Date of Award

Summer 8-11-2011

Degree Type


Degree Name

Doctor of Philosophy (PhD)


Middle-Secondary Education and Instructional Technology

First Advisor

Lisa Martin-Hansen, Ph.D.

Second Advisor

Mary P. Deming, Ph.D.

Third Advisor

Joyce E. Many, Ph.D.

Fourth Advisor

Lisa Belcher, Ph.D.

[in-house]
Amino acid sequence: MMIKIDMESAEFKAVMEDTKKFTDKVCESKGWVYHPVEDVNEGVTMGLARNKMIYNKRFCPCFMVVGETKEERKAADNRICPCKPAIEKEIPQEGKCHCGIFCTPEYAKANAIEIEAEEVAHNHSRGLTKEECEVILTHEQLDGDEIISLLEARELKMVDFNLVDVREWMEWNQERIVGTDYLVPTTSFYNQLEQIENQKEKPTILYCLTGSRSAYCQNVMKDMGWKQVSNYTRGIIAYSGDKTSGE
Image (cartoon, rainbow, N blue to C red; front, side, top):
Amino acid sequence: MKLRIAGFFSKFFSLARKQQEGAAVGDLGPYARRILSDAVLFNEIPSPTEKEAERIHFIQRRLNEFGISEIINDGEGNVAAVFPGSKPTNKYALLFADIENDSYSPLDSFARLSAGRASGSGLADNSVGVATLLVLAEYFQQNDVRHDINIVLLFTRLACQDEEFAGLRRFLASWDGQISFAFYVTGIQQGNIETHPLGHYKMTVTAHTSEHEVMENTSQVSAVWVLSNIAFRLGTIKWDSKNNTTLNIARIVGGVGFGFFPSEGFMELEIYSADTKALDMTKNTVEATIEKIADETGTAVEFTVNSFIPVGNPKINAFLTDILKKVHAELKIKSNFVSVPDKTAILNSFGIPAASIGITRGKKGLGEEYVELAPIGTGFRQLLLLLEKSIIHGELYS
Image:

This study analyses warehoused data collected by Georgia State University and Centers for Disease Control and Prevention (GSU/CDC) researchers after developing an HIV testing message for urban adults with low functional health literacy. It expands previous work by examining data collected when 202 primarily African-American homeless clients of an urban community based organization (CBO) reviewed both the low literacy brochure (Wallace et. al., 2006) and a standard HIV brochure (Georgia Department of Human Resources, 1997). Participants’ health literacy was assessed using 2 measures; the Rapid Estimate of Adult Literacy in Medicine or REALM (Davis, Crouch, Long & Green) and the Test of Functional Health Literacy Assessment or TOFHLA (Nurss, Parker & Baker, 2001). HIV risk was determined using an interview questionnaire developed by the research group (Belcher, Deming, Hunter & Wallace, 2005) which allowed participants to self-report recent alcohol and drug use, sexual behavior, sexually transmitted disease (STD) history and exposure to abuse and sexual coercion. Open-ended response questions regarding readability, understanding, main message, and importance for each brochure provided the qualitative data.This analysis confirms previous work showing accessibility, readability, cultural sensitivity and user-friendly formatting are important when attempting to engage at-risk adults with varying levels of functional health literacy in an HIV testing message. The visual aspects of the brochure can be essential in capturing the reader’s attention and should be relevant to the target audience (Wallace, Deming, Hunter, Belcher & Choi, 2006). Mono-colored graphics may be perceived as dated and irrelevant or worse yet, threatening to some readers. Whenever possible culturally appropriate color photos of people depicting relevant content should replace excess text and difficult medical terms should be eliminated. Wording on the cover and within the brochure should be used to focus the reader on a single main message.This data also shows that many participants considered the quantity of information just as important. For reasons not elucidated here, many respondents equated quantity of information with message quality. Based on these results it is important to further clarify how much information is enough to maintain legitimacy and the reader’s attention while simultaneously avoiding confusing mixed messages.


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